6.6 p.m.


My Lords, I am sure that the promoters of this Bill will be grateful for the welcome which it has received to-day, and for the speeches of the noble Lords to whom we have just listened. If there is one outstanding trait of the people of all classes, of this country, it is a love for, and an inherent kindness towards, animals. It is, therefore, I suggest, of great importance that trade in animals should be carried on under decent and humane conditions. This Bill, seeks to ensure that these decent and humane conditions, are enforced. It is clear from the speeches which have already been made that the Bill was considerably improved during the Committee stage in another place. A number of Amendments were made, and those Amendments were the subject of consultation between the promoters of the Bill, Parliamentary Counsel and the Home Office. In the debate on the Third Reading, the promoters of the Bill made it clear that they were in agreement with the Amendments made in Committee, and that they felt that the Bill had been greatly improved. I am glad to be able to assure your Lordships that the Government are in sympathy with the objects of the Bill which, as previous speakers have stated, was widely supported by all Parties in another place. During the Third Reading, the Parliamentary Undersecretary of State expressed the view that the Bill, when it became an Act, would be "a real Charter of Pet Shops." I am therefore able, without reservation, to commend the Bill to the House. I sincerely trust that it will receive a Second Reading by the unanimous assent of your Lordships.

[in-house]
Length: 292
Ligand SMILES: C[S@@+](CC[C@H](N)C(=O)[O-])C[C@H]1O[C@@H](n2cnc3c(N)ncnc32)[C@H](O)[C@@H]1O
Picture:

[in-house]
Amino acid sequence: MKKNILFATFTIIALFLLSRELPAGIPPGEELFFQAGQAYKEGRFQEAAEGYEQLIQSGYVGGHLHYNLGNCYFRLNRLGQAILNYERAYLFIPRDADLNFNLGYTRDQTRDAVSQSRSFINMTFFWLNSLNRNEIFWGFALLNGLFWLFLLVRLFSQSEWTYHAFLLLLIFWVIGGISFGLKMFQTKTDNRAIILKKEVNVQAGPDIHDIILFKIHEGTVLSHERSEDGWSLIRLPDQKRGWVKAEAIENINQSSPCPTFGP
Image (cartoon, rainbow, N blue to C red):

6.9 p.m.